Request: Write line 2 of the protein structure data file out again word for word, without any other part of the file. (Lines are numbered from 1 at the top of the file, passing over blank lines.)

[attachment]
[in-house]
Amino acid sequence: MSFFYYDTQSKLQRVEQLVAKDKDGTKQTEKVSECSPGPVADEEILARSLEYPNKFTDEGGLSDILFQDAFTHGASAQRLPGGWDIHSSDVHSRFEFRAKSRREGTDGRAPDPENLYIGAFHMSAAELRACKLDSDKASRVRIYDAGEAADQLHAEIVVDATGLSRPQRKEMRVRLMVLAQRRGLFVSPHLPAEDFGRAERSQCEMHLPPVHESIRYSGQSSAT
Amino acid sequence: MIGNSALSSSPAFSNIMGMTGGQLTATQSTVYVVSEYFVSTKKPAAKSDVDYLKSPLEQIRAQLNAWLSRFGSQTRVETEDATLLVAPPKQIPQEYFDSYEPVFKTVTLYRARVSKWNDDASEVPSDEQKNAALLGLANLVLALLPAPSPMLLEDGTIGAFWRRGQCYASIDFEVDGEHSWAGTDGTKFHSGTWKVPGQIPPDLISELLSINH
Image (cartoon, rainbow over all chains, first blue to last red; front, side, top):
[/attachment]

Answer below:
Amino acid sequence: MSFFYYDTQSKLQRVEQLVAKDKDGTKQTEKVSECSPGPVADEEILARSLEYPNKFTDEGGLSDILFQDAFTHGASAQRLPGGWDIHSSDVHSRFEFRAKSRREGTDGRAPDPENLYIGAFHMSAAELRACKLDSDKASRVRIYDAGEAADQLHAEIVVDATGLSRPQRKEMRVRLMVLAQRRGLFVSPHLPAEDFGRAERSQCEMHLPPVHESIRYSGQSSAT